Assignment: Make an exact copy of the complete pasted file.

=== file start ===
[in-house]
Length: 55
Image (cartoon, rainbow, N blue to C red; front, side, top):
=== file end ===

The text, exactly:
[in-house]
Length: 55
Image (cartoon, rainbow, N blue to C red; front, side, top):